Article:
where [D.sub.2n], [D.sub.1n] are the normal components of the

electric displacement vector: [D.sub.2n] = [[epsilon].sub.0][[epsilon].sub.2] [E.sub.2n], [D.sub.1n] = [[epsilon].sub.0][[epsilon].sub.1] [E.sub.1n] [epsilon].sub.0] = 8.85 [10.sup.-12] F/m is the electric constant; [[epsilon].sub.1], [[epsilon].sub.2] are the dielectric permeabilities of dielectrics, a is the surface density of electric charges; [E.sub.1n], [E.sub.2n] are the normal, [E.sub.1t], [E.sub.2t] are the tangential components of the electric field strength vector of the first and the second dielectrics, respectively.

where p after a comma, for p = i, j, k, l, denotes partial differentiation with respect to [x.sub.p] * [u.sub.i] and [[sigma].sub.ij] are the components of the phonon displacement vector and stress tensor, [w.sub.i] and [H.sub.ij] are the components of the phason displacement vector and stress tensor, and [D.sub.i] and [E.sub.i] are the components of the

electric displacement and field.

Because the

electric displacement [D.sub.3] does not change with the thickness, the above equation is subjected to homogenization in the thickness direction:

The time-dependent stretch, nominal electric field-stretch, and nominal electric field-nominal

electric displacement curves of representative applied voltage frequency are presented in Figure 3.

[9,10], we can derive the next formulas for stress tensor and

electric displacement vector [16]

When there is no contact at a point on the surface (i.e., [u.sub.v] < h), the gap is assumed to be an insulator, there are no free electrical charges on the surface and the normal component of the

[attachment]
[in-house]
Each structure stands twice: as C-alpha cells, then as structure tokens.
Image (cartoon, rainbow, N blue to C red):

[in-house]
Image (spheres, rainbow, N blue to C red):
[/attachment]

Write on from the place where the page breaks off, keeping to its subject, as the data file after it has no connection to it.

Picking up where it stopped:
electric displacement field vanishes.

In what follows, we use the equations of mechanical equilibrium and small deformation in the strain constitutive relation (2), to account for the induced stresses and strains and then "eliminate" the stress dependence from the constitutive relations for

electric displacement and magnetic induction fields.

According to the constitutive relations in (12), and considering the displacement-strain relations, the

electric displacement can be given in the following form:

The maximum

electric displacement obtained from the dipolar D-E loops of composite films under the breakdown field was summarized in Fig.

As mentioned in [14], it must be emphasized that in the x, y transverse plane, the magnetic field is a purely gradient field [nabla] x H = 0 (with open field lines, beginning and ending on different wires), and that the

electric displacement vector is a purely solenoidal field [nabla] x D = 0 (with closed field lines, embracing one or several wires).

where [D.sub.i] is

electric displacement, [E.sub.i] is electric field and P is polarization vector.

The

electric displacement may be obtained as a linear combination of the strain and electric field as follows [17, 18]